- Option for having buffer management using MMCO and sliding window.
- Support both interlaced and progressive content
- Example use case scenario of SVC-T
- IPNC: Temporal scalability allows one stream to be sent to multiple end devices/channels having different processing and transmission capability.
- DVR: Temporal scalability allows easy archiving
- VC: Effective error resilience tool
- Details - Temporal SVC in DM36x
Low latency API and fixed packet size support
- Low latency API support
- New set of API to provide sub-frame level data exchange between codec and application
- Data exchange done at slice level instead of frame level
- Reduces latency of codec from 33ms to <2ms
- Example use case
- Low latency API will be helpful in all application which needs very low end to end latency viz - Video conferencing, Gaming consoles/servers etc
- Fixed packet size support
- Allows to specify slice size in units of bytes in case of multiple slice operation.
- Slice produced by encoder is guaranteed not to exceed the specified slice size
- Support for higher megapixel upto 4k x 4k resolution
- Any arbitrary resolutions up to 4Kx4K can be supported, frame rate would reduce in proportion as the image resolution increases
- Example use case
- Video surveillance and conferencing: Higher image resolution allows more details to be captured. Real-life experience. Allows better digital zoom.
|H.264 HP Encoder||Estimated Performance|
|Frame Width|| Frame
|DM368@432 MHz||DM365@300 MHz|
|5MP||2592||1944||10 fps||8 fps|
|10MP||3840||2748||5 fps||3 fps|
CVBR Rate control
- DM36x originally supported constant quality(Fixed QP), constant bitrate(CBR) and variable bitrate (VBR) RC method
- Both CBR and VBR tries to reach bitrate over period of time with CBR giving more importance to instanteneuos bitrate/buffer control and VBR giving more importance to overall quality.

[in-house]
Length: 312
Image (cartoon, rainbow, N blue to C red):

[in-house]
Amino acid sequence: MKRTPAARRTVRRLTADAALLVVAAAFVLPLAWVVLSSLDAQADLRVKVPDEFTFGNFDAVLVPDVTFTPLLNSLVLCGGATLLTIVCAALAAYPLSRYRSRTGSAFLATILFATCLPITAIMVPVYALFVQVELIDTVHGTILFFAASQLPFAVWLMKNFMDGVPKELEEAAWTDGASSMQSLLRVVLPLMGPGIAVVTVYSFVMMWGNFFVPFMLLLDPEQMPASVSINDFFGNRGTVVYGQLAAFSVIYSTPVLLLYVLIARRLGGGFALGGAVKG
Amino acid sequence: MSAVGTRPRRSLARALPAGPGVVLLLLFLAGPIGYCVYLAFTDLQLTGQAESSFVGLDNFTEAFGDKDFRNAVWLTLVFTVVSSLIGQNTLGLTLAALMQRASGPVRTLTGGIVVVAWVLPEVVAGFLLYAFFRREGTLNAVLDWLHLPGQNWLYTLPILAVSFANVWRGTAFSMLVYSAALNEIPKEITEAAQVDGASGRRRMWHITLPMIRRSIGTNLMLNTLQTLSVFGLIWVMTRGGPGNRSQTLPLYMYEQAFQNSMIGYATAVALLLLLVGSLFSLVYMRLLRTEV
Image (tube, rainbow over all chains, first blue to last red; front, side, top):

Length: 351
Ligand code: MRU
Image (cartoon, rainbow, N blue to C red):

CVBR is a new rate control which allows bitrate to change in a given time interval based on the complexity of the scene
- CVBR Allows to specify average, min and max bitrate over which the bitrate modulation can happen
- Allows to specify the time duration for which the CVBR stays at high complexity mode over a running sequence
- Reaches the average bitrate over larger period of time
- Example use case
- This rate control is specially suited for video surveillance where one would intend to encode with better quality when there is increase in scene complexity
Gradual Decoder Refresh (GDR)
In H264 encoder periodic Intra frames are inserted in sequence for Error Resiliency and to allow Random access. In this mode all MBs of a frame are intra coded. It is done to terminate error propagation also. The disadvantage of this is higher bit consumption in I-frame compare to P-frame that might lead to higher decoding delay and frame skip. It might also increase breathing artifacts at low bitrates. To address these issues DM36x based encoder supports a feature called Gradual Decoder Refresh (GDR). The details of it are given below:
- The process of intra refreshing is extended over N frames
- Only part of frame is coded with intra MBs.
- Next non-overlapping part (with previous intra coded parts) is intra coded
- This is repeated until entire frame is refreshed
- Bits consumption is now distributed over a group of N frames
- Delay at decoding end reduces
- Frame skips are reduced
- At the end of N frames all MBs are intra coded - Error propagation is terminated
- Breathing artifacts at low bitrates can be reduced
How to use of GDR:
- set enableGDR flag to 1 or 2: It enables GDR feature in encoder. When set to 1 normal quality GDR is enabled and when set 2 high quality GDR with small performance degradation is enabled.
- Set value of GDRduration: It tells the duration in which GDR refresh will happen.